In the 1980s, the tunnel returned to its original purpose, providing a platform for military and civilian supersonic aircraft such as the Lockheed YF-12, as well as concepts for the National Aerospace Plane, some of which were unnerving. “I recall the NASP guys talking about passengers riding on top of this huge liquid oxygen and liquid hydrogen tank,” says Larry Smith. “That was kind of crazy to even think about. We had an Air Force test come in once. They wanted to run a hydrogen/oxygen model, and the flow rates were horrendous. Seven pounds of oxygen a second and three and a half pounds of hydrogen. They wanted to do 30-second runs at different Mach numbers. They were going to bring in these huge tankers right next to the airport. They wanted to run hydrogen up to 1,000 degrees Fahrenheit, which is the temperature that it starts to self-detonate. The Air Force eventually pulled the plug though. I was thrilled because all that hydrogen and oxygen, it was a bit scary.”
While the tunnel was originally designed to provide speeds up to Mach 4, potential damage to the stainless steel blades of the two compressors limits the top speed to Mach 3.7. The new generation of engineers is pushing that restriction. “Ordinarily, we use a flexible wall to determine the Mach number,” says test engineer Christine Pastor. “Hydraulic jacks push the wall closer in just the right shape to prevent shock waves while we increase the speed. But you can only go so far before you risk an unstart.” So they trick it. Because supersonic flow actually gains speed around a corner (subsonic flow rounding a corner from a small area to a much larger one expands, losing speed), engineers like Pastor have devised a way to pass the tunnel air around a plate placed at an angle in front of the model. The flow hits the plate, accelerates around the angle, “and that's how you turn Mach 3.5 into Mach 4.5.”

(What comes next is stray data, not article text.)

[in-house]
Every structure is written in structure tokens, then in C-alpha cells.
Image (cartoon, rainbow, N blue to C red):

In 1995, the 10 x 10 was named after the man who towered over nearly every one of its programs. Today, the Abe Silverstein Supersonic Wind Tunnel—the world’s largest propulsion SWT—runs much the same way it did 55 years ago. (In 1999, the Lewis Research Center was renamed the Glenn Research Center.) In the test section, cold war supersonic bombers have been replaced with parachutes from the Mars Science Laboratory mission, and Pastor wears F/A-18 earrings that look a lot like the Century Series tie clips Edward Sharp wore on opening day.
Aeronautical engineer and writer Jeremy Davis lives in Indianapolis.